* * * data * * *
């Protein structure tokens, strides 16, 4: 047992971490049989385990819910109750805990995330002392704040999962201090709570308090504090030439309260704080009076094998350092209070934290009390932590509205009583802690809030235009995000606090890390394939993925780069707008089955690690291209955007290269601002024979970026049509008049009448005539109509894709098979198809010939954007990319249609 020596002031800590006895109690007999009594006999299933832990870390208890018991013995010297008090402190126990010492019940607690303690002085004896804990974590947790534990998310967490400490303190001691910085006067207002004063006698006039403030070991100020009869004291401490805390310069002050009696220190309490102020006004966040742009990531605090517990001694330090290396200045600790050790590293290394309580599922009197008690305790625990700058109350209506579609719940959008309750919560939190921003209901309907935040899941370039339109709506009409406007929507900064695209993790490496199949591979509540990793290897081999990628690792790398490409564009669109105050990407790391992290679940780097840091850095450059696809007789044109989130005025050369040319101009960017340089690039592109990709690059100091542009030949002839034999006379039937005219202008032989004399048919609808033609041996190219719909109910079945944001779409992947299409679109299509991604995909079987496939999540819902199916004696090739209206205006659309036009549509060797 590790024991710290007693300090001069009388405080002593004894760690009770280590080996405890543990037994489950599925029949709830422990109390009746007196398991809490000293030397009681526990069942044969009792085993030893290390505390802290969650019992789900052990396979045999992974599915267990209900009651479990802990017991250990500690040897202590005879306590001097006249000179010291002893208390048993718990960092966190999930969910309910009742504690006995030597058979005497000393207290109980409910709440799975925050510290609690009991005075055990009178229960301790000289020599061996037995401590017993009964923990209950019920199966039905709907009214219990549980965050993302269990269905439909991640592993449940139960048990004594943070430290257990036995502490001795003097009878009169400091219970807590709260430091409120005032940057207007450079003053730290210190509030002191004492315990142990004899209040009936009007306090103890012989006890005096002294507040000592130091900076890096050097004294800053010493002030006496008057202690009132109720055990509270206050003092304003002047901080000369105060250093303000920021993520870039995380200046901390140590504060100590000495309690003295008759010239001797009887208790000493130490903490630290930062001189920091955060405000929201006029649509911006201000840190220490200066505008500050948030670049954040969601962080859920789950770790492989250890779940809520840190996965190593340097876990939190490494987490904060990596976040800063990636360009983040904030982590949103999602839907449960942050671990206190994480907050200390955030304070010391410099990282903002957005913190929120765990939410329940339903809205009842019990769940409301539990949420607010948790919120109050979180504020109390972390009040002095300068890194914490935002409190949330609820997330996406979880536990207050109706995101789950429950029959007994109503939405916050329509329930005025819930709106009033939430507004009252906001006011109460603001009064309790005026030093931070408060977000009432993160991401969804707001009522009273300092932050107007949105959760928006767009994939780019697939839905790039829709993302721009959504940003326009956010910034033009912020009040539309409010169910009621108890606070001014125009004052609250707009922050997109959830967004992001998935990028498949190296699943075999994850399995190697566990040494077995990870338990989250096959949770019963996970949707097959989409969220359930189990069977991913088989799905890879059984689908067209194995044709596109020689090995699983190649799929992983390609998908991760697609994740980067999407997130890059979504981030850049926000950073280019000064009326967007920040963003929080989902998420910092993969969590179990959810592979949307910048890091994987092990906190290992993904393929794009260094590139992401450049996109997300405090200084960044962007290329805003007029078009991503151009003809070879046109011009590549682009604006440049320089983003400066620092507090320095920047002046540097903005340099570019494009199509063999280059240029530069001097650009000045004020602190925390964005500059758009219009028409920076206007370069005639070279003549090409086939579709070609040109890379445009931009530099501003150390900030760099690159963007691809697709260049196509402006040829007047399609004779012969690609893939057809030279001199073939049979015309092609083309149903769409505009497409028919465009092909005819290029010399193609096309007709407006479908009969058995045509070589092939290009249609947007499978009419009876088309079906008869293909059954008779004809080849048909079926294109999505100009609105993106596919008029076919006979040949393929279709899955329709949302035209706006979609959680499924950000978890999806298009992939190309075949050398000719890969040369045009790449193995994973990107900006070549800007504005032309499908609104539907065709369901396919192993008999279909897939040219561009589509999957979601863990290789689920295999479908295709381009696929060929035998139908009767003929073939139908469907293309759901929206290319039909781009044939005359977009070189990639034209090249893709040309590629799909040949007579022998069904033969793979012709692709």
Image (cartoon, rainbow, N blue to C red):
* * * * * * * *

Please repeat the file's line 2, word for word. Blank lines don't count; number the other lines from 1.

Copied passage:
Image (cartoon, rainbow, N blue to C red):